What's the Catholic view of Islam?Throughout the Middle Ages, the church taught that Islam was some kind of Christian heresy Heresy, as a blanket term, describes a practice or belief that is labeled as unorthodox. Christian heresy refers to unorthodox practices and beliefs that were deemed to be heretical by one or more of the Christian churches. bent on Adj. 1. bent on - fixed in your purpose; "bent on going to the theater"; "dead set against intervening"; "out to win every event"
bent, dead set, out to undermining the true faith and destroying Christian culture. How else could it understand a religious movement that accepted Jesus as a great prophet and messiah born of the Virgin Mary Virgin Mary: see Mary.
immaculately conceived; mother of Jesus Christ. [N.T.: Matthew 1:18–25; 12:46–50; Luke 1:26–56; 11:27–28; John 2; 19:25–27]
See : Purity , but that also vehemently denied his divinity as well as the reality of his Crucifixion? How else could it understand a civilization that was eclipsing Christendom in the very lands of its birth?
In fact, it was just this teaching that in the 11th to 13th centuries became the ideological basis for the infamous Crusades, those bloody wars of conquest and slaughter in the name of Christ that marked some of the darkest chapters of church history.
Unfortunately, especially in the midst Adv. 1. in the midst - the middle or central part or point; "in the midst of the forest"; "could he walk out in the midst of his piece?"
midmost of our current international crisis, some still attempt to breathe new life into these age-old ways of looking at Islam. They argue that inherent incompatibilities between Christian and Muslim civilizations can only result in a great clash. They warn that if Christians value their culture and their religion, they must be prepared to do battle on multiple levels--with Islam and Muslim peoples.
Fortunately, these are no longer the voices of authentic Catholic teaching. From at least the time of Pope Saint Gregory VII Gregory VII, Saint Originally Hil·de·brand 1020?-1085.
Pope (1073-1085) who sought to establish the supremacy of the pope within the Church and the authority of the Church over the state.
Noun 1. , who wrote a friendly letter to the Muslim king of Mauretania (c. 1076), the church has been aware of the bonds of shared Abrahamic belief and morality of Christians and Muslims. These bonds could one day become the foundation of enduring mutual understanding and respect between the two peoples.
It was nor, however, until the Second Vatican Council Noun 1. Second Vatican Council - the Vatican Council in 1962-1965 that abandoned the universal Latin liturgy and acknowledged ecumenism and made other reforms
Vatican Council - each of two councils of the Roman Catholic Church that the church began to consciously reject its former approach to Islam and embrace a new agenda. In its document Nostra Aetate Nostra Aetate is the Declaration on the Relation of the Church with Non-Christian Religions of the Second Vatican Council. Passed by a vote of 2,221 to 88 of the assembled bishops, this declaration was promulgated on October 28, 1965, by Pope Paul VI. , the council called upon the faithful to recognize and explore the rich spiritual heritage common to Christianity and Islam The historical interaction between Christianity and Islam, in the field of comparative religion, connects fundamental ideas in Christianity with similar ones in Islam. Islam and Christianity share their origins in the Abrahamic tradition though Christianity predates Islam by six so that the future of Christian-Muslim relations may no longer center around violent confrontation but rather around peaceful and mutually enriching exchange and dialogue.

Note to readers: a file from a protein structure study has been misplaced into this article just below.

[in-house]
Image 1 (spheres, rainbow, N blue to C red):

Not long after the tragedy of September 11, my sister-in-law was distressed over the backlash against Muslims and Sikhs living in the U.S. She asked me what she, as a Catholic, could do. After our talk she decided to call her local mosque. When she got the answering machine, she began to leave a simple message of sympathy and solidarity. When it became clear that this was not a harassment call, the secretary at the mosque picked up and the two women spoke together for quite some time. They shared laughter, tears, stories about their children, and plans to meet at an open house the Muslim community was planning for the immediate future.
So what is the Catholic view of Islam? On the basic level of everyday experience, it is the view embodied by my sister-in-law. On a more philosophical level, a meaningful Catholic view of Islam can only be the fruit of earnest and broad-based dialogue between Catholics and Muslims. That dialogue has only just begun. What's important for Catholics of this new millennium is that, like my sister-in-law, we take deliberate steps in the direction of understanding and appreciating Islam, rather than in the direction of hostility and conflict. Such were the steps taken by Pope John Paul II Pope John Paul II (Latin: Ioannes Paulus PP. II, Italian: Giovanni Paolo II, Polish: Jan Paweł II) born last May when, out of great love and respect, he removed his shoes and made history by entering the Umayyad Mosque in Damascus, Syria. His example beckons us all to reject ignorance and prejudice, and to follow the paths of dialogue in our own interreligious journeys, wherever they may take us.
By SCOTT ALEXANDER, associate professor of Islam and director of the Catholic-Muslim Studies Program at Catholic Theological Union The Catholic Theological Union of Chicago is one of the largest schools of theology in the world and trains men and women for lay and clerical ministry within the Roman Catholic Church. in Chicago.